Galerie Xippas is pleased to present a large solo exhibition of Brazilian artist Waltercio Caldas, which will bring together works made in the recent years.
Waltercio Caldas, a major figure of Brazil’s contemporary art scene, started his artistic practice in the 1960s, a period marked by the Neo-Concrete movement. For five decades now, the process of perception and the relations between the gaze and reflection have been at the heart of his work, where extremely pure and almost minimalist forms coexist with a conceptual complexity. His sculptures are both present and immaterial and show not so much the objects but rather the space between these objects. As Guy Brett writes, “the minimum of physical material reveals the maximum latent spatial energy.”
Waltercio Caldas’s sculptures outline objects whose very essence is left undefined. In Wings (2008), steel circles hung on the wall, like a kind of anchoring point, and linked together with cotton strings, create geometric shapes both simple and ephemeral. Through the setting up of only lines and points, this piece alludes to emptiness and silence. Its title itself, Wings, subliminally recalls air, which, in Caldas’s work, is associated with the space structuring the objects, and becomes a location for the projection of thought.
Caldas, who often uses only the contours of objects, as in Blue glasses (2012) where steel structures outline glasses without showing the physical objects, pushes the paradox between presence and absence – and between transparency and opacity – to its extreme. This paradox is reinforced through a play on mirrors, a recurrent technique in his work. Here again, the artist develops the idea of reflection without actually employing mirrors. In creating several planes where lines and objects replace the reflections of one another, the artist reveals a three-dimension mirror and materialises the idea of reflection, a process he considers as a “functional dismantling of the mirror.” Thus Caldas goes beyond the duality between presence and absence, positive and negative, and manages to reach a paradoxical fusion between a tangible reality and thought.
Language plays a fundamental part in this process of constructing meaning. Because of this essential relation between names and objects, between what we see and what we read, the title becomes an integral part of Waltercio Caldas’s work. Language introduces a new approach, that of reading, and also confers another dimension to the word – its physical presence. For instance, in Not now (2014), words and steel rods create an inseparable ensemble, enter into a game of repetitions, reflections and transparency.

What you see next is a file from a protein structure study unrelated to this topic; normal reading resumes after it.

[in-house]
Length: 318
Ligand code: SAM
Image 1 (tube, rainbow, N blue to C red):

This use of language, both poetic and conceptual, also allows Caldas to introduce references to art history. The titles of his sculptures often allude to names of artists, such as Brancusi (2014), and trigger a reflection on the work of art itself, on the distance between art and art history.
Waltercio Caldas’s sculptures, while displaying a rare visual fineness and using such an economy of means, invite the viewers to experience his/her own reading of the work, somewhere between an immediate comprehension and an intellectual interpretation. In the same line as Umberto Eco, who, more than fifty years ago in The Open Work (1962), argued that the viewer was now part of the creation process of an art work, Caldas wants to involve his viewer in the experience of interpretation and opens multiple possibilities of meanings. What matters when approaching his work, is the precise and enigmatic moment of perception revealing the work as a process, an echo to phenomenological thought which argued that the object only exists in the eye of the viewer.
Waltercio Caldas was born in Rio de Janeiro in 1946, where he still lives and works.
His first solo exhibition took place at the Modern Art Museum of Rio de Janeiro in 1973 when he was only 27. Numerous museums and art institutions have dedicated exhibitions to his work since, including the Stedelijk Museum, Schiedam, Netherlands (1992), the Calouste Gulbenkian Foundation, Lisbon, Portugal (2008), the Blanton Museum of Art, Austin, United States (2013), the State Pinacotheca in São Paulo, Brazil (2013), etc.
He represented Brazil in the 47th Venice Biennale and took part in the 52nd Venice Biennale in 2007. He also participated in the dOCUMENTA 9 in Kassel (1992) and in the 5th Mercosul Biennial (2005).
His works are included in major collections throughout the world: Centre Georges Pompidou (Paris, France), the Museum of Modern Art (New York, United States), the National Gallery of Art (Washington, United States), the Museum of Modern Art in São Paulo and the Museum of Modern Art in Rio de Janeiro (Brazil), among others.